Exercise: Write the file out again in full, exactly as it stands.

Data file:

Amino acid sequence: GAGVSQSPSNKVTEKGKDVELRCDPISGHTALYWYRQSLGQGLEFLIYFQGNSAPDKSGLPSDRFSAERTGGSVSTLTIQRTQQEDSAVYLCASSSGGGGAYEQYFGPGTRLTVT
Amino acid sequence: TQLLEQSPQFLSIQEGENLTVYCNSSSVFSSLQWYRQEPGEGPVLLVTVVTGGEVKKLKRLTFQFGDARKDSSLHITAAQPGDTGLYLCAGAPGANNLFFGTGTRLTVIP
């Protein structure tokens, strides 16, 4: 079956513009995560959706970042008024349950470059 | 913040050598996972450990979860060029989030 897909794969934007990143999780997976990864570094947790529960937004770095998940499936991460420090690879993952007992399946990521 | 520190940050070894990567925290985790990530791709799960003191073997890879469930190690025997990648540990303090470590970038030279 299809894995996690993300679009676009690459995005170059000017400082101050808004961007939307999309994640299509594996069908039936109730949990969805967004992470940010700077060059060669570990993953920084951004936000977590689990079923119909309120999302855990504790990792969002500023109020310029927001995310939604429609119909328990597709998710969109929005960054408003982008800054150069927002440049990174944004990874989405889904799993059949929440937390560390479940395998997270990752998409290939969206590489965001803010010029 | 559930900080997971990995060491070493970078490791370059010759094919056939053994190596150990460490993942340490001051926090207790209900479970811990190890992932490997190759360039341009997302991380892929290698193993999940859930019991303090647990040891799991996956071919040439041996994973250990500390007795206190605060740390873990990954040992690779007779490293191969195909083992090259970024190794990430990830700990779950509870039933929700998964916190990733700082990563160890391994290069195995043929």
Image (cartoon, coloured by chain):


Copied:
Amino acid sequence: GAGVSQSPSNKVTEKGKDVELRCDPISGHTALYWYRQSLGQGLEFLIYFQGNSAPDKSGLPSDRFSAERTGGSVSTLTIQRTQQEDSAVYLCASSSGGGGAYEQYFGPGTRLTVT
Amino acid sequence: TQLLEQSPQFLSIQEGENLTVYCNSSSVFSSLQWYRQEPGEGPVLLVTVVTGGEVKKLKRLTFQFGDARKDSSLHITAAQPGDTGLYLCAGAPGANNLFFGTGTRLTVIP
């Protein structure tokens, strides 16, 4: 079956513009995560959706970042008024349950470059 | 913040050598996972450990979860060029989030 897909794969934007990143999780997976990864570094947790529960937004770095998940499936991460420090690879993952007992399946990521 | 520190940050070894990567925290985790990530791709799960003191073997890879469930190690025997990648540990303090470590970038030279 299809894995996690993300679009676009690459995005170059000017400082101050808004961007939307999309994640299509594996069908039936109730949990969805967004992470940010700077060059060669570990993953920084951004936000977590689990079923119909309120999302855990504790990792969002500023109020310029927001995310939604429609119909328990597709998710969109929005960054408003982008800054150069927002440049990174944004990874989405889904799993059949929440937390560390479940395998997270990752998409290939969206590489965001803010010029 | 559930900080997971990995060491070493970078490791370059010759094919056939053994190596150990460490993942340490001051926090207790209900479970811990190890992932490997190759360039341009997302991380892929290698193993999940859930019991303090647990040891799991996956071919040439041996994973250990500390007795206190605060740390873990990954040992690779007779490293191969195909083992090259970024190794990430990830700990779950509870039933929700998964916190990733700082990563160890391994290069195995043929």
Image (cartoon, coloured by chain):